Arguably, the introduction of the birth control pill has transformed female health more than any other drug in modern medicine. Although many of us practicing now do not know life without it, its history is not that long.

“The Pill” – as it is often referred to – was introduced in May of 1950.1 At that time, prevention of pregnancy was not listed as an indication, and promoting birth control was politically, socially, and legally unacceptable. In fact, the Comstock Law prohibited public discussion and research about contraception.1 Therefore, when the birth control pill was introduced, it was for cycle control and for married women only. It was not indicated for use as contraception in the United States until 1960.

Since that time, the birth control pill has evolved dramatically, not only in its formulation but in its indications as well. As pediatricians, we do not always find it easy to discuss with parents hormonal regulation and starting a patient on the birth control pill, particularly when it will not be used for contraception. There are many fears about using hormonal control, but there are many useful indications that improve the health and well-being of the pediatric patient.

Menorrhagia and dysmenorrhea are likely the most common reasons that hormonal therapy is started in adolescence. Beginning with the lowest estrogen dose to reduce side effects is prudent, adjusting accordingly if side effects should occur. Breakthrough bleeding is a common side effect that usually improves over time. Patients should continue treatment for at least 3 months before deciding if treatment is effective or not. If breakthrough bleeding continues, increasing the estrogen component or changing to a triphasic pill might reduce bleeding.

Primary or secondary amenorrhea – no menarche by the age of 15 years or the cessation of menses for greater than 3 months – is common in adolescence for a variety of reasons. Excessive sports, poor diet, and stress tend to contribute to the onset of primary or secondary amenorrhea; polycystic ovary syndrome is another possible cause. Serum studies including HCG, FSH, prolactin, and TSH help rule out other causes that may need to be addressed. Administering norethindrone acetate 5-10 mg for 5-10 days will usually lead to bleeding.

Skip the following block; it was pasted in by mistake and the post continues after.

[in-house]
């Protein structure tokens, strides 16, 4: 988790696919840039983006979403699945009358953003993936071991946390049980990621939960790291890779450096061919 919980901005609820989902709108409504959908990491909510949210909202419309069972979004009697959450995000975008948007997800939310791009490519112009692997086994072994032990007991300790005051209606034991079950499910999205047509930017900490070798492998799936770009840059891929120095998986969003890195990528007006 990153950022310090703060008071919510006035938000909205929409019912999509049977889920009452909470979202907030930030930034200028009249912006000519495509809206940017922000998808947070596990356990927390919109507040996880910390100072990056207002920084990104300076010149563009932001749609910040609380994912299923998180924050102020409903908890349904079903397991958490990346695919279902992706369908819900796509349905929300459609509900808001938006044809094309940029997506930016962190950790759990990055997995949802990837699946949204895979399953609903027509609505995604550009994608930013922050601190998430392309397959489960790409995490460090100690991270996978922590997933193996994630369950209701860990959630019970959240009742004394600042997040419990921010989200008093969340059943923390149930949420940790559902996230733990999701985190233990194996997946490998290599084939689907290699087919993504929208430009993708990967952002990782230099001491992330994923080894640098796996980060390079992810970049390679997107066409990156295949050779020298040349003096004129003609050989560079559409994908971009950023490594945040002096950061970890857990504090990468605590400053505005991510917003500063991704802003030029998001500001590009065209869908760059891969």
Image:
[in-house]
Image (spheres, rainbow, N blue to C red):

For a child with mental or significant physical disabilities, suppression of ovulation to prevent a menstrual cycle is very useful. Extended regimens can help to completely suppress ovulation, thereby avoiding withdrawal bleeding. There is anxiety about extended regimens, but there is no greater risk with using hormonal therapy continuously vs. intermittently.2 In fact, using it continuously reduces many of the unwanted side effects associated with the use of oral contraceptive pills (OCPs), for example, heavy bleeding, headaches, and nausea. Complete suppression is difficult, but the odds are better with continuous treatment. Using monophasic OCPs for 42-63 days on and 4-7 days off can be tried. The benefit of using monophasic pills is if a dose is missed, it is easy to make it up by just taking an extra pill. Companies have come out with extended-regimen packs, for example, Seasonale, Seasonique, Quartette, and Lybrel. There now is a chewable pill known as Femcon Fe, which would be useful in those patients who are not able to swallow pills.